Of course, I just started playing the game so these are very early impressions, but Professor Layton has quietly become one of my favourite series, reliably providing comfortable and thoughtful experiences with integrity.

Oh yeah, also Tomb Raider

My girlfriend has some friends at her work who decided to all start playing the same video game at the same time so they could talk about it together and while it was not her first choice, they decided on the new Tomb Raider reboot. While more expensive, I am starved for PS4 games and paid the difference in an effort to convince her to get the Definitive Edition. I decided to give it a shot for about 45 minutes. It is obviously not enough to get a real taste, but I am a little sick of the melo-drama that so many games think they are entitled to. The game seems to obviously want to be Uncharted (and yes, Uncharted took inspiration from Tomb Raider, but so it goes) but what Naughty Dog gets so right with their games is their knowledge that drama must be earned and that even intense experiences are not always one tone. But maybe Tomb Raider gets better. It certainly looks nice.

Final Thoughts

Thousand Year Door has sadly sat on the backburner while I dove into Stick of Truth and Azran Legacy, but I really hope I find the time to finish up that game. I think a lot of modern developers could learn from playing that title. But on that note, I am out! What have you chumps been playing?


  1. Which is – of course – perfectly fine. Plenty of other excellent games, new and old!

  2. In the past couple weeks, I decided to spite my ennui and get Bravely Default. What a wonderful game that is. I like the story (which wasn’t showcased at all in the demo), the individual circumstances that inflict each town and chapter, the optional sidequests for real rewards, and even the dialogue (to the extent of the expectations for what kind of game this is). The Brave/Default system has added a small but appreciable dimension to battles, which are also varied enough in strategy to change my planning, especially at bosses. Norende is a fun little distraction. The overall pace of events and planning is very good for this kind of game; I feel like I get access new classes and equipment at the right times but still have to grind for gold and JP just enough. Speaking of which, the Difficulty and Ecounter Rate selections are an EXCELLENT addition. I like to go to a new area and through a dungeon on normal, grind some on easy/100%, go to town and back on -100% when I run out of MP, then fight some randoms and the bosses on hard. The classes and abilities could be better though. Bravely Default was most reminiscent to me of Final Fantasy III DS in preview, and that still holds true in a positive way, and much better even. Right now I’m through Grapp Keep; that’s all I have been playing.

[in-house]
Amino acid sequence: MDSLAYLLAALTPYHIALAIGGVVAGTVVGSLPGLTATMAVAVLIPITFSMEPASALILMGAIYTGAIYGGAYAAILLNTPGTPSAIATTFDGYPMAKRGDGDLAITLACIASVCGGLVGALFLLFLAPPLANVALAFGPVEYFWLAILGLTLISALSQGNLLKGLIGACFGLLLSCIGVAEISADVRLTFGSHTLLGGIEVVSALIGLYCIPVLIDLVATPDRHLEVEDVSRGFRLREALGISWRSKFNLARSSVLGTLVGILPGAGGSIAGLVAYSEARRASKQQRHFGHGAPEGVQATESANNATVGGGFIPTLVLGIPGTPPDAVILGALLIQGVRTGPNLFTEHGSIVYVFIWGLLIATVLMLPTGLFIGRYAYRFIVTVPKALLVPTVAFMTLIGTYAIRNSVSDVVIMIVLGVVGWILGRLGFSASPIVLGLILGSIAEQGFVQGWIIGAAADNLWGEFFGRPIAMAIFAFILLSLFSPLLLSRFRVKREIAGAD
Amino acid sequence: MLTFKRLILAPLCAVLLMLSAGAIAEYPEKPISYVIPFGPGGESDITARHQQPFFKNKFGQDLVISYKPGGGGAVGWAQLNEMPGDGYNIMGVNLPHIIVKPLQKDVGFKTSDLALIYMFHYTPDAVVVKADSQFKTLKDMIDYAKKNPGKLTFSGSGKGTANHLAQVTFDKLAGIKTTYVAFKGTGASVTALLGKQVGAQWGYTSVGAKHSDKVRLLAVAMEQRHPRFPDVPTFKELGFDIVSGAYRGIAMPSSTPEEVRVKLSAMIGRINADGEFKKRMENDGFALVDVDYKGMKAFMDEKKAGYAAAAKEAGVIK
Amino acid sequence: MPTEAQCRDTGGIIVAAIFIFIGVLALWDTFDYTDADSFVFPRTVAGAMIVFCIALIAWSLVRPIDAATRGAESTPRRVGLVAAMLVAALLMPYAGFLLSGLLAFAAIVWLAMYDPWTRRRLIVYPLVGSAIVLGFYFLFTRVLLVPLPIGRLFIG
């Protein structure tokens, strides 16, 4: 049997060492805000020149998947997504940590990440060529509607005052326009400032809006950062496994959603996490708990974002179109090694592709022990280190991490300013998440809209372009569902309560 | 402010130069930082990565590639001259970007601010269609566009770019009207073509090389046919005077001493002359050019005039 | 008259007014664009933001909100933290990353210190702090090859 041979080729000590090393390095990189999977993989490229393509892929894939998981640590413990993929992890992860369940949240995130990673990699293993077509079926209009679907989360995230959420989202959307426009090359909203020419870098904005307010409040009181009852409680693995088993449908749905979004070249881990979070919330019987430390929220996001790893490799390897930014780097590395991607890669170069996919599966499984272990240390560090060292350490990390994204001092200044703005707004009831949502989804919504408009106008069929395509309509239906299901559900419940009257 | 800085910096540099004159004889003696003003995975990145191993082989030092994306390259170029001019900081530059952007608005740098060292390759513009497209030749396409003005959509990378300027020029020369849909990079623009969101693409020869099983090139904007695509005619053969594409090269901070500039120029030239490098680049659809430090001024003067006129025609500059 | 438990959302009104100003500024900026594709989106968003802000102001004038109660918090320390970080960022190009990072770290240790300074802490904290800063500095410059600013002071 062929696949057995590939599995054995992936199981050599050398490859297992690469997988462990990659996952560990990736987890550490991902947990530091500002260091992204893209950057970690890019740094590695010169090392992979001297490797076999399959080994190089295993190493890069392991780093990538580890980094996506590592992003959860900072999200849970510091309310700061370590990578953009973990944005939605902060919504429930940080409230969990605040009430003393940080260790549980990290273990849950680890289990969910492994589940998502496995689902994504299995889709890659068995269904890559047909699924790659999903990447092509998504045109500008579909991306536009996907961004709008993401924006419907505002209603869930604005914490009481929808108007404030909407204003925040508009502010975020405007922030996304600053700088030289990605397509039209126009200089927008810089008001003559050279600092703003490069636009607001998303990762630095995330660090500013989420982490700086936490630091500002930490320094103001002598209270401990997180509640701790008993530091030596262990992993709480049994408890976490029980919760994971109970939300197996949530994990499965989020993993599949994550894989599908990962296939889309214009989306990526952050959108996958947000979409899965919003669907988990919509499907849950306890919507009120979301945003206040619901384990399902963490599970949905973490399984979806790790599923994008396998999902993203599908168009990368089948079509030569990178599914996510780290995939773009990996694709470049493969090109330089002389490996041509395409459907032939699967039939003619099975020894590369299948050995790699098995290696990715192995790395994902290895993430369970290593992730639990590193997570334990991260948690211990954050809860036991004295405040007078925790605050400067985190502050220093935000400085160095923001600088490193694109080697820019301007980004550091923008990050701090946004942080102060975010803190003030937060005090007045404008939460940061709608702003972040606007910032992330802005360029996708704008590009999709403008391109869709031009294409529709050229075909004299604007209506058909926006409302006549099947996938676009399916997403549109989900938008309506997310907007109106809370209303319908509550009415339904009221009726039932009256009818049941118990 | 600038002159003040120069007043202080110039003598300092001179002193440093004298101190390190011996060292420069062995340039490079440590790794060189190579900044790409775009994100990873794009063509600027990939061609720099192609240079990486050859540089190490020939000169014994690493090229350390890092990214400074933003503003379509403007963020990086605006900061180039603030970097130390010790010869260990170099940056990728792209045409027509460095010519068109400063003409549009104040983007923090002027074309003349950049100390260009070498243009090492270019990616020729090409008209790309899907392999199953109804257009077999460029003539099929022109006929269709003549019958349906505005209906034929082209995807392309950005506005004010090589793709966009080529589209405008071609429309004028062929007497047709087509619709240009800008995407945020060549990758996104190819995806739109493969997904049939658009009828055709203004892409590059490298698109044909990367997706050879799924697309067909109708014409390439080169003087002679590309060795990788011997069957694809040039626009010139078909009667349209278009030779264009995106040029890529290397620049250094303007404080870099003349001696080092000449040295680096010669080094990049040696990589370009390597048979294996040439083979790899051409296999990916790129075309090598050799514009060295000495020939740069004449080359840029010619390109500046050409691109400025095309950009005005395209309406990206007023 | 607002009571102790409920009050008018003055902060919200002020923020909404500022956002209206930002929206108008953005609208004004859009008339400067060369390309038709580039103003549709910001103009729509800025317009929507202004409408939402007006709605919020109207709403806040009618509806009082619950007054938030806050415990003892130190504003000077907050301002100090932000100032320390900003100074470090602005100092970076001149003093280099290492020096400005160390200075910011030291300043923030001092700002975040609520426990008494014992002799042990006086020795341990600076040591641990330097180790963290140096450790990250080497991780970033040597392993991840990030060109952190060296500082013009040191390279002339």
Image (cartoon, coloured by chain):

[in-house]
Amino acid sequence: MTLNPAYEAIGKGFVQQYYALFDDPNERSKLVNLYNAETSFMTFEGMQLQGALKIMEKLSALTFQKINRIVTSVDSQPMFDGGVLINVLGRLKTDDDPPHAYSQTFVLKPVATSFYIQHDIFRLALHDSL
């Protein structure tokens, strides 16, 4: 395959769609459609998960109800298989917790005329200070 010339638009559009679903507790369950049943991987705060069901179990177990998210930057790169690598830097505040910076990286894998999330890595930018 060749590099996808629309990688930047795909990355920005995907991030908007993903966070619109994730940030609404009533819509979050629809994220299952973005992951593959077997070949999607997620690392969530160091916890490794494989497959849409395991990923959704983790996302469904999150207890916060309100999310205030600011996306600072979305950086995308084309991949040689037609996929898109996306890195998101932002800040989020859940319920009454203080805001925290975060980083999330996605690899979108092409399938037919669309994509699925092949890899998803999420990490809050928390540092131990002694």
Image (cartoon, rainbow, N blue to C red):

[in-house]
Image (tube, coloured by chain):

3. Bravely Default is a lot of fun, even if it isn’t terribly robust.

  4. I’d say that the battle system is extremely robust but the game as a whole certainly isn’t. So…. I agree!

    @Matt – I pretty much agree exactly although I think that, especially when played on normal/hard, the battle system adds more than a small dimension, particularly with boss fights. It is the perfect mix of being able to spend 30 minutes of intense strategy with a boss and being able to plow through regular enemies with relative (but not excessive) ease.

  5. I can´t express enough how incredible fun was to play South Park: The Stick of Truth. The battle system is really good,and more important (to me) : the plot of the game is like a perfect oiled machine that can pass like a another great episode of South Park.

    I enjoyed every minute of the game, but I understand that this game is not for everyone since the game is very crude even for South Park standards. Oh, how nice could have been if the game were a little longer.